It’s easy to spot visitors in search of designer fashion bargains at Space, the Prada outlet in Montevarchi, about 45 minutes south of Florence. Invariably dressed in black, they’re the ones sprinting for the parking lot or train after their shopping spree.
Taking in the local sights isn’t on their agenda, but I think they’re missing out. I won’t argue that Montevarchi can compete with tourist magnets like Siena or the Chianti. But long stays at Il Poggiolo, down a nearby country road, have given me a chance to know and appreciate this place. Like so many Italian towns that seem to be nothing special, it has a history and a way of life.
The stone garrison, now home to a modern art museum, was built in 1289 to defend the town. In battles between Florence and Arezzo, Montevarchi and other towns in the Arno Valley fell into Florence’s sphere, and even now residents feel a closer affinity to that city than to Arezzo–even though the latter is closer.
Montevarchi’s medieval wool and silk industries were the foundation of hand-crafted shoe, hat and clothing businesses that continue to this day.
As an important market town,
Montevarchi once boasted its own unit for measuring weight. True to that heritage, the town hosts a Thursday market that’s one of the region’s largest–there you can buy inexpensive clothing, a porchetta sandwich, fresh vegetables. Even better is the Mercato Coperto (Covered
Market). Open every day, it sells goods from 70 local farmers and producers of olive oil, cheese and wine.
On a side street is Bonci, a family-owned bakery that makes panbriacone, a “drunken sweet bread” with an international following. An all-natural panettone is injected with liqueurs and sweet wine that keep it moist and delicious for up to a year. (I plan to write more about Bonci, so that’s all I’m saying for now!)
My favorite destination is through ancient alleys into the heart of the old city. If you’re a local (or, like me, a temporary local), you might start with a cappuccino or espresso at a bar. I frequent any of them except the one with a dozen old guys sitting on benches.
The Collegiata of San Lorenzo church is open, so I slip into its Baroque interior to see the Relic of the Holy Milk and a few paintings of minor 16th-century artists.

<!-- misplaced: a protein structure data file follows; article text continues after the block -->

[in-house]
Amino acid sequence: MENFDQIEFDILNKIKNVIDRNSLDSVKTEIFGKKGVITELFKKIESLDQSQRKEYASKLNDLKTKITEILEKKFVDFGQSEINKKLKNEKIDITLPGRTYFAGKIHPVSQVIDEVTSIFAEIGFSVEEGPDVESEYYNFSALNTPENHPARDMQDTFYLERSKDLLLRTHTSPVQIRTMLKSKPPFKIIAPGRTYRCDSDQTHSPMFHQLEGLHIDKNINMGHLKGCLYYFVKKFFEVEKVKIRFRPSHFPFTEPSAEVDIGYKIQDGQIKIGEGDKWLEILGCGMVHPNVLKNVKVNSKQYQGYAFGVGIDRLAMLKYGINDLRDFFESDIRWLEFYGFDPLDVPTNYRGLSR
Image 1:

I’m afraid the salumeria has closed, but it’s only moved around the corner to a larger space. There are still several fine bread and pastry shops, two butchers, a merceria selling sewing supplies and a pharmacy where customers line up to confide their health problems. In short, life goes on despite Italy’s economic crisis.
Talking to shop owners and a loquacious barber, we ask how things are going. Nationally, unemployment stands at nearly 12 percent and, for young people, approaches 40 percent. But, from what we hear, Montevarchi is doing better than average. Some businesses have closed—notably, those that make cheaper clothing—but customers of Prada and other high-end clothing makers insist on Montevarchi’s “made in Italy” tags.
Most shops shut down for the pausa, 12:30-ish until 4. Montevarchi is hardly a restaurant mecca, but there are a few good options. Daniele e Riccardo, run by two brothers, has risen to the top on consumer sites. No tourists when I lunched there, just a few locals and business people passing through. Daniele laid on complimentary panzanella in addition to spaghetti with fresh tomato sauce and zucchini flowers, steamed baccala with mashed potatoes, a glass of red wine and an espresso, all for 20 euros.
Plenty of time for a visit to Mariani, the best gelateria in town. For less than two euros, I linger over a cup with one scoop of creamy orange and another of pistachio gelato, its army fatigue color testifying to naturalness.
Then back to the center, where apartment dwellers open their shutters to the late-afternoon light and shoppers start to make their rounds.